Satyrizing Venus: Jeff Koons’ Antiquity Series

A two-part exhibition opened yesterday in Frankfurt called Jeff Koons: The Painter & The Sculptor – the former in the Schirn Kunsthalle and the latter in the Liebieghaus Skulpturensammlung, until September 23rd. In both exhibitions, Koons offers his most sustained engagement with Classical Art to date with the his most recent work: the three-part Antiquity series (2010-2012) and two sculptures called Balloon Venus (2012) and Metallic Venus (2012).

In a video-trailer to the exhibitions (http://koons-in-frankfurt.de/videos/ – yes, another trailer for an artwork), we can see Koons express his wide-eyed excitement at having his work juxtaposed with the Liebieghaus’ extensive historical sculpture collection. He takes particular glee at having his Balloon Venus (2012) surrounded by Classical busts, singling out a bust of Apollo for particular mention and attention.

Jeff Koons posing before his Balloon Venus (2012)

Jeff Koons admiring ‘Head of Apollo’ (‘Apollo of Antium’)

In the same video-trailer, when discussing the painting side of the dual exhibition, Koons makes a revealing comment about his own artistic practice as well as how he sees his contribution to art history in general. He says he is excited about showing what he dubs ‘his history of painting’, in addition to his sculptures, making claiming that he was always a painter, even though he is most recognized as a sculptor. This comment is especially pertinent when we look at the Antiquity series of paintings, which seems to offer a painterly commentary on Koonsian and Classical sculpture.

Jeff Koons
Antiquity 1, 2010
oil on canvas
274.3 x 213.4 cm
Jeff Koons
Antiquity 2 (Dots), 2012
oil on canvas
277 x 371 x 25 cm
Jeff Koons contemplating Jeff Koons
Antiquity 3, 2011
oil on canvas
259.1 x 350.5 cm

As a series, the Antiquity series shows a clear, developmental narrative. The reproduction of the sculptural group of Aphrodite fighting off a lecherous satyr with her sandal stands at the center of each painting, as does a superimposed scribbled sketch of a landscape with sun, sea and boat and a sugary landscape (pixelated into dots in the second in the series) act as a backdrop. The changes, however, occur on two levels. The first is the insertion of the female figure riding a dolphin and kissing a monkey, which reuses other of Koons’ sculptural works (the dolphin is that of Dolphin (2002) and monkey from Monkeys (Chair) (2003)).

Jeff Koons Dolphin (2002)
Jeff Koons Monkeys (Chair) (2003)

The dolphin riding female figure is, in fact, the actress Gretchen Mol, in the costume for her performance in the 2006 film The Notorious Bettie Page as part of a portfolio Koons made for The New York Times (http://www.nytimes.com/2006/03/12/magazine/312style.html).

Gretchen Mol as Bettie Page in Jeff Koons NYT portfolio, 2006

In a series of photos, Koons depicts Mol as Page cavourting with several of his sculptural pieces, not only the monkey and the dolphin, but also the iconic lobster that was central to Koons’ 2008-9 Versailles series:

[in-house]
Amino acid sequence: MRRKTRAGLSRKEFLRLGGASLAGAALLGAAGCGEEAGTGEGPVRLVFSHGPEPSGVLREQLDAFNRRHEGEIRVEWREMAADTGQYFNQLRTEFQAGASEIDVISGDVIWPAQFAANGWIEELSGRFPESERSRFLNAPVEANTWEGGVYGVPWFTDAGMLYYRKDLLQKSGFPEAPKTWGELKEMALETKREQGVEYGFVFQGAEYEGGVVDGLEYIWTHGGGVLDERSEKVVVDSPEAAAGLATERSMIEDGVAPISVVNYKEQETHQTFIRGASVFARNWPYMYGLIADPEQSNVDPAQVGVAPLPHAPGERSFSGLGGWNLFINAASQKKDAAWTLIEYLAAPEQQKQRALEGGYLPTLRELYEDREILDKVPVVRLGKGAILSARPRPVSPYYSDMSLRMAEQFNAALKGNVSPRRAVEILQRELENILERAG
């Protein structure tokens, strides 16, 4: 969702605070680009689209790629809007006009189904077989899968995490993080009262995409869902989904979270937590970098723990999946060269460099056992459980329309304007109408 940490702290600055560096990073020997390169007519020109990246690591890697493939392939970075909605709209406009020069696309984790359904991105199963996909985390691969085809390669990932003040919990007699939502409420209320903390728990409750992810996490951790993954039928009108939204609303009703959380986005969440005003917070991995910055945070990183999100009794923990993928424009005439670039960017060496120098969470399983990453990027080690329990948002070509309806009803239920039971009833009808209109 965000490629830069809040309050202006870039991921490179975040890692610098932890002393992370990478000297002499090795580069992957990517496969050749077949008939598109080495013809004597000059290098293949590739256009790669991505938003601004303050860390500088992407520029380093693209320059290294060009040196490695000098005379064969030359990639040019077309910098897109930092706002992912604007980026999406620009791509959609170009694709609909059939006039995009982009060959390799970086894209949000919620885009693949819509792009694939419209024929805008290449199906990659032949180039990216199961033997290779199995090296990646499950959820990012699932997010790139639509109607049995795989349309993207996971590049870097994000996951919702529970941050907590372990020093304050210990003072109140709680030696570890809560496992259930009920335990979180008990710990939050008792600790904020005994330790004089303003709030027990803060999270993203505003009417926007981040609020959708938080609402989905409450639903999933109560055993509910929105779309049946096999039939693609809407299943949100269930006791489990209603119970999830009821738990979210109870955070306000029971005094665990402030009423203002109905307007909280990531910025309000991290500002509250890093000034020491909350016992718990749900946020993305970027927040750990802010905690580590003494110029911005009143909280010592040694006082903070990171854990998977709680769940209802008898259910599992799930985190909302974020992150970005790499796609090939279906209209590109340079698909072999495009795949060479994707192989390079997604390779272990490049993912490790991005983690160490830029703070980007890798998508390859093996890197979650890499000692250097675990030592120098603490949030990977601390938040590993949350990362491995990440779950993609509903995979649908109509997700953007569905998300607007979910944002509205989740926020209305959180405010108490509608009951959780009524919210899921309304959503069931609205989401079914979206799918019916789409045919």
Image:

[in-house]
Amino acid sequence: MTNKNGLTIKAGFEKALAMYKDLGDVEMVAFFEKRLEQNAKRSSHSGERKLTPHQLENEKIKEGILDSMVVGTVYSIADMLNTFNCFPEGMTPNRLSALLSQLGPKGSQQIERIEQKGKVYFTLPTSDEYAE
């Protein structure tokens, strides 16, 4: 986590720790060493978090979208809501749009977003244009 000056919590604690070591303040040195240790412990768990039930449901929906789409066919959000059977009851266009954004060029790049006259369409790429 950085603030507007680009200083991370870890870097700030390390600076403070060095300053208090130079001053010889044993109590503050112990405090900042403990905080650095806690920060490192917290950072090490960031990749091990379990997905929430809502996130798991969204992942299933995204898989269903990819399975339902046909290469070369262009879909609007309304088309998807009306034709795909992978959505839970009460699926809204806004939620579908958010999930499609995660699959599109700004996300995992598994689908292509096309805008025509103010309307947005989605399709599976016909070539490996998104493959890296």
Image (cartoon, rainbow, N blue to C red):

Gretchen Mol as Bettie Page in Jeff Koons NYT portfolio, 2006

As well as offering a commentary on Koons’ sculptures, as they have been reappropriated in the Mol photo-shoot, the second addition is that of the two Classical sculptures flanking the central one from the first in the series. Just as the re-employment of the Mol as Page with Koons’ sculptures of the dolphin and monkey tells a story behind the Antiquity series in terms of Koons’ artistic practice, so does the choice of the additional Classical sculptures. By adding the bronze priapic figure of the Satyr in the left and the crouching Venus taking off her sandal on the right, Koons is offering a dramatic prequel to the central figure of the goddess of love defending herself against the Satyr in the center. (The crouching Venus is leaning on a smaller statue, which is evoked in Koons’ sculpture Metallic Venus (2012) as well).

Jeff Koons Metallic Venus, 2012

This drama continues in the third of the series, as, aside from the dotted background, the only perceivable difference between 2 and 3 is the replacing of a bronze priapic Satyr statue on the left, with the Mazarin Venus, from the Getty collection.

Unknown, Mazarin Venus
Roman, Rome, A.D. 100 – 200
Marble
H: 72 7/16 in.
54.AA.11

Since the Mazarin Venus depicts the goddess alongside a dolphin, it is as if Koons’ own dolphin, and by extension Koons as well, has been inserted into the hallowed tradition of Classical art. Furthermore, by transferring the bronze satyr for the Cnidean-inspired figure of Venus, Koons’ depiction of Mol as Page is not merely a re-imagining of the extensive reproductions of the goddess of love, but is also making explicit the sexualized figure of the Cnidean Venus, as what Mike Squire in his excellent book The Art of the Body: Antiquity and its Legacy (2011), calls the ‘quintessential western ‘female nude” (p. 72). In many ways, Koons replaces the role of the Satyr in the central sculptural group with his role as an artist in his Pygmalionesque practice of using Venus-like models throughout his career, from Cicciolina in the infamous 1991 Made in Heaven series to Mol in the New York Time portfolio.

Does Koons’ Antiquity merit such close attention? Or should it be dismissed as cheap kitsch? In either case, it brings with it an informed (or at least informing) discussion of the legacies of Classical art that cannot be ignored.

For more on Jeff Koons, go to http://www.jeffkoons.com/

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